As Tony Bennett approaches 93, let’s hear it for the oldies

It's a question I've been hearing for decades, applied to any number of seasoned performers I've covered: Why are they still working?

I heard it plenty when Frank Sinatra was deep into his 70s, still selling out arenas around the world. Also when Cab Calloway was in his 80s, joyously strutting up and down the stage snarling Minnie the Moocher.

Ditto septuagenarian jazz singer Ella Fitzgerald, nonagenarian jazz trumpeter Doc Cheatham, and 89-year-old Arthur Rubinstein and 96-year-old Mieczyslaw Horszowski, both eminent classical pianists.

And, of course, now regarding singer Tony Bennett, who will turn 93 in August. The implication is that after a certain age, musicians no longer sound as they did in their "youth" or "prime" – two loaded terms that, in this context, seem designed to diminish artists of exalted age and experience.

So why do these legends sustain careers for so long?

"I didn't try to do that, but it's happening," says Bennett, who has few peers or precedents when it comes to pop/jazz singers flourishing in their 10th decade.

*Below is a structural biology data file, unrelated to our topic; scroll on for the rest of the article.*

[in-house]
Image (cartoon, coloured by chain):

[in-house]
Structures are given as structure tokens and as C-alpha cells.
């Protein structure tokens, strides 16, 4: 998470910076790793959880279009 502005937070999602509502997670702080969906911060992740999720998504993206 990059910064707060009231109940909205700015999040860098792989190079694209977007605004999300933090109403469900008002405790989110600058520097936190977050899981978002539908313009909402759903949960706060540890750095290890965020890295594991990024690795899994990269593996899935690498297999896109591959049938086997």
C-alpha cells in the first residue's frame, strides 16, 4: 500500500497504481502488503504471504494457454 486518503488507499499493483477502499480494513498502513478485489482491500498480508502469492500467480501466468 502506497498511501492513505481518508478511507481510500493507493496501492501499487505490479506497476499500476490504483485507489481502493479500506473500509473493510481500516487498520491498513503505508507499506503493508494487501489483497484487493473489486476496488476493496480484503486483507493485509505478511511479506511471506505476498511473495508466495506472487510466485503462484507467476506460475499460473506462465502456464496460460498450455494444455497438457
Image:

"So I'm thrilled about it. I've had a wonderful life doing what I love to do, and the public accepts me for it."

The turnouts Bennett draws around the world suggest he's right, yet more than one sceptic has said the old master should have yielded the spotlight years ago. How wrong they are.

When a performer of Bennett's vintage takes the stage, we're encountering more than just how they sound on any given night (though Bennett's command of a large repertoire, remarkable accuracy of pitch and inextinguishable sense of style defy the passage of time). Because these legends have been in our lives for so long, their very appearance onstage calls forth memories richly worth treasuring.

Better still, elder performers represent eras that without them simply would slip into the history books and, then, into obscurity. So when Bennett, for example, sings Because of You or Rags to Riches or Street of Dreams or What Are You Doing the Rest of Your Life? – tunes he helped make famous – he's showing us how this music ought to sound. Younger performers, of course, will invent their own worthy interpretations, but Bennett, Sinatra, Fitzgerald and other innovators set a standard against which the rest will be judged.